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We were the international Jewish Coalition Against Sexual Abuse/Assault (JCASA); and were dedicated to ending sexual violence in Jewish communities globally. We did our best to operate as the make a wish foundation for Jewish survivors of sex crimes. In the past we offered a clearinghouse of information, resources, support and advocacy.
History of Prostitution in Jewish Communities: The Wild West
History of Prostitution in Jewish Communities:
The Wild West
Jewish Stars in Texas: Rabbis and Their Work By Hollace Ava Weiner, Rabbi Jimmy Kessler (Reprinted by Permission)
BOOK: Cowtown's Front Page Rabbi
G. George Fox - Fort Worth, TX
The red-headed rabbi's pulse shot up—again. Try
as he might to distance his flock from Hell's Half Acre, in the autumn of
1913 Rabbi G. George Fox overheard ranchers muttering remarks about "Jew
whores." What's more, the Sisterhood at his synagogue of seventy families
was scandalized at the gossip. The women—chief among them his wife Hortense,
a third-generation American—wanted those tramps gone.
The Jewish prostitutes were Eastern European women
who had ventured to Fort Worth's red-light district by way of Galveston,
a port of entry for 8,000 Jewish immigrants since 1907. Fox's colleague,
the saintly Rabbi Henry Cohen of Galveston, was being lauded from Texas to
New York for greeting each refugee at the dock. But as far as Fox was concerned,
the refuse were riding the rails from the Gulf Coast to North Texas, bringing
social disease and dishonor to Jews in Fort Worth. "As rabbi, I could not
and would not escape the responsibility that was mine in this shameful business,"
the rabbi declared in his memoirs.
With the police commissioner and the mayor, Fox arranged
a raid on brothels within "the Acre," a seedy neighborhood of saloons, dance
halls, cathouses, and gambling dens. Madams were advised to surrender their
Jewish girls on charges of disorderly conduct, or face a shutdown. At the
jail, Fox confronted twenty women. Through a Yiddish interpreter, the American
rabbi warned them to turn to legitimate pursuits—or else. In response,
some tugged at the rabbi's heartstrings with sagas of children in foster
homes and hard-luck tales of hunger, violence, and deception driving them
into the "sordid business."
One showed me a lavaliere bearing a picture of her
father, so she said: an old, bearded, Eastern co-religionist. . . . One asked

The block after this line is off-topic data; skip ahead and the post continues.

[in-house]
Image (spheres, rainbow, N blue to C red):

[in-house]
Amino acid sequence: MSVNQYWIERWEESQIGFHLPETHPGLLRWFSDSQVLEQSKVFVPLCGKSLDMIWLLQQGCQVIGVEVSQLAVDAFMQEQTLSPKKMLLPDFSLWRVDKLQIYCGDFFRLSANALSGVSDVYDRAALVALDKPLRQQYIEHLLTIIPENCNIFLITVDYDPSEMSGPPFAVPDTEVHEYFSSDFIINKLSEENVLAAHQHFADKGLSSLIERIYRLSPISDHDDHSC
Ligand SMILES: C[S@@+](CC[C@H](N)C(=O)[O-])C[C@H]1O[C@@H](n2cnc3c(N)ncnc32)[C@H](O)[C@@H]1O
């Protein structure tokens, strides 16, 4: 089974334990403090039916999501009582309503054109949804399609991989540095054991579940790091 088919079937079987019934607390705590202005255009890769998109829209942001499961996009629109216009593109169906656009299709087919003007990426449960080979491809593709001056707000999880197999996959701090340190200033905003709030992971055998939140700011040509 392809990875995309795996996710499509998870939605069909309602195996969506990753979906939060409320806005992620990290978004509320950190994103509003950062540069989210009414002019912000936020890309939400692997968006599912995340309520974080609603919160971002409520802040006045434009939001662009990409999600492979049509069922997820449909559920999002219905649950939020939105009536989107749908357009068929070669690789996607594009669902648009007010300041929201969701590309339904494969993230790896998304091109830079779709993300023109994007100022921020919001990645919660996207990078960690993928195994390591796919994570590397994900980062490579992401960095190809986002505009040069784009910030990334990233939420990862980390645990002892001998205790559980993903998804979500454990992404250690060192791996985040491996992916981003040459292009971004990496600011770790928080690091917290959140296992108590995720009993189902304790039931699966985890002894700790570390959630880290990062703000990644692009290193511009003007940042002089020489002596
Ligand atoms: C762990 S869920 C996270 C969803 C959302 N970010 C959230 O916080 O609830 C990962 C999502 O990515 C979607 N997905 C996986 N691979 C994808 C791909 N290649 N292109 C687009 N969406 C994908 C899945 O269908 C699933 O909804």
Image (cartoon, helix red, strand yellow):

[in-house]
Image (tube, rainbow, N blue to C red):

me whether my rich, fat Jews would take her into their homes and give her
a job. . . . A third challenged us, in Yiddish, to give her a job in some
store. Of course we were stymied. . . . Two of the lot married the men who
were their pimps and went into legitimate business. . . . The rest left town.
When Christian clergymen asked the rabbi why his outrage
extended only to Jewish prostitutes, he advised his brothers in the Tarrant
County General Pastors Association to round up the gentile prostitutes
themselves. But Fox had more legal ammunition at his disposal. The
run-of-the-mill harlots were American-born. If arrested, they could be bailed
out by pimps and madams, or fined and returned to the streets. The Jewish
suspects, many masking their immigrant origins with American aliases, were
subject to deportation as "alien prostitutes." And so they were. Eighteen
Galveston immigrants—including young women such as Byley Salesky, who
went by the street name "Betsy Brown"—were deported to Europe, months
before the outbreak of World War I .
"The job made me unhappy, though I could see no other
way," Fox wrote. Although an advocate of social work—he was chairman
of the Fort Worth Charity Commission and an organizer of a state welfare
conference—Fox found it more prudent to remove than to try to reform
the women. Truth be told, "Jew whore" remarks stirred anti-Semitism among
the general public and insecurity among Jews, who prided themselves on being
law-abiding Americans with a family-centered religion. Fox and his generation
of upwardly mobile Jews wanted to retain their Jewish identity. Yet they
were eager to see themselves as part of the American mainstream, not a remnant
of the Old World like their unwashed, uncouth cousins pouring in from shtetls,
the small towns of Eastern Europe.
Prostitution among Jews—documented in muckraking
magazines and a federal immigration investigation—had prompted Jewish
communities nationwide to police their own. B'nai B'rith, the Jewish fraternal
organization, had helped the Justice Department apprehend Jewish prostitutes
who crossed state lines. Chicago rabbis had worked with the district attorney
and vigilantes to round up Jewish madams in the Windy City. Prostitution
was such a blot on Jewish morality that little attention was given to its
causes, its social solutions, or the men involved in the business. When whispers
of Jewish prostitution surfaced in Fort Worth's New York Café, Rabbi
Fox had precedents to follow.
Fox was not as bold, or grandstanding, as his Baptist
colleague, the Rev. J. Frank Norris, preacher at Fort Worth's First Baptist
Church. The year before, Norris had read aloud from the pulpit the names
of leading citizens who owned brothels. This led not to arrests but retaliation,
as arsonists set fire to the minister's church and parsonage. In contrast,
Rabbi Fox's action in ridding the community of Jewish prostitutes was met
with sighs of relief. He had distanced Fort Worth's Jewish residents from
the taint of immorality. He had gingerly worked with the authorities, without
upsetting the status quo. He had correctly gauged how far to stretch his
moral authority in a town closer to the frontier than the Bible Belt.
Bravado—always applauded in a boisterous western town—masked his
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